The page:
Science & Environment

Earth's pull 'shaped Moon's surface'

The Moon, showing part of its far side, photographed from the Apollo 16 spacecraft in April 1972
Image caption The Moon, showing part of its far side, photographed from the Apollo 16 spacecraft in April 1972

The Earth may have played a major role in shaping the lunar surface, according to a new research study by US researchers.

The team members say our planet's gravitational pull distorted the shape of the Moon in ancient times.

This led to "bulging" at the equator and could explain why the far side is more elevated than the near side of the Moon even today.

Details of the study are published in the journal Science.

The far side of the Moon remains a mystery in many ways. Densely cratered, it has few of the volcanic plains that characterise the near side with which we are all familiar, and it is much higher - several kilometres higher in places.

Now the authors of a new study think they know why it might have become so high and are blaming the Earth.

Over four billion years ago, soon after the Moon's formation and before it had solidified to its core, its crust floated on a sea of magma.

It was during this time that the Earth was able to tug on that floating crust, distorting it, much like the Moon tugs on the Earth's oceans today creating the tides.

This "tidal bulge" in the Moon's shape led to the crust melting and thinning at the poles where the strain was greatest, while the crust around the equator remained thicker and fatter, say the scientists.

Tidal bulge

Professor Ian Garrick-Bethell of the University of California in Santa Cruz, who led the study, believes tidal processes can explain between 25% and 40% of the Moon's topography.

But while the evidence for this remains in the elevated surfaces of the far side, the evidence on the near side has been obliterated by subsequent volcanic activity.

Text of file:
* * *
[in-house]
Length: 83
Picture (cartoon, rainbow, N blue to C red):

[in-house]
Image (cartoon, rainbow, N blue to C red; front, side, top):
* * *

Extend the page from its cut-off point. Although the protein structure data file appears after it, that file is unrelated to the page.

"Since the Apollo missions... people have known that the topography on the far side of the Moon is much more elevated than anywhere else on the moon," said Professor Garrick-Bethell.

"Our study is the first to quantify the structure and shape on the far side and in doing that, we were able to demonstrate that this topography bears the signature of a tidal process."

The process by which the stretching and pulling of the Moon by the Earth leads to variations in crust thickness is called "tidal heating".

"You can imagine that the part of the Moon that's pointing towards the Earth will start to flex and begin to be drawn towards the Earth and away from the Earth on the far side, and during this, the poles will be stretched and heated."

"The amount of strain in the rock is going to be greater at the poles so there will be more heating at the poles and there'll be thinner crust at the poles."

Tidal bulging probably occurs across the solar system today. The oceans on Earth bulge as a result of the Moon's gravitational pull and the same process is thought to occur on Jupiter's moon Europa.

Europa consists of an ice crust on an ocean of water, and Jupiter's massive gravitational pull is thought to distort the moon's shape much like the process described in this new paper.

A similar process could be occurring on the moon Titan, Saturn's largest moon.

More on this story